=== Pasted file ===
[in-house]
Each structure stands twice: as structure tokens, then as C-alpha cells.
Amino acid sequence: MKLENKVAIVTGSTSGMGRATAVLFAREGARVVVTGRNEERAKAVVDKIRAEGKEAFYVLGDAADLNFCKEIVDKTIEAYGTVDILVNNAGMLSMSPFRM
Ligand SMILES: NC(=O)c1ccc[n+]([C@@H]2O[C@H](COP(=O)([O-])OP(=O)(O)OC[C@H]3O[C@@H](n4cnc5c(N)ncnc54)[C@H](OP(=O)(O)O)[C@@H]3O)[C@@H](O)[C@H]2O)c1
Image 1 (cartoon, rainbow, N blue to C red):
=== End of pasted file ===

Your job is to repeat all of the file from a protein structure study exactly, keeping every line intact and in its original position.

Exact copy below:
[in-house]
Each structure stands twice: as structure tokens, then as C-alpha cells.
Amino acid sequence: MKLENKVAIVTGSTSGMGRATAVLFAREGARVVVTGRNEERAKAVVDKIRAEGKEAFYVLGDAADLNFCKEIVDKTIEAYGTVDILVNNAGMLSMSPFRM
Ligand SMILES: NC(=O)c1ccc[n+]([C@@H]2O[C@H](COP(=O)([O-])OP(=O)(O)OC[C@H]3O[C@@H](n4cnc5c(N)ncnc54)[C@H](OP(=O)(O)O)[C@@H]3O)[C@@H](O)[C@H]2O)c1
Image 1 (cartoon, rainbow, N blue to C red):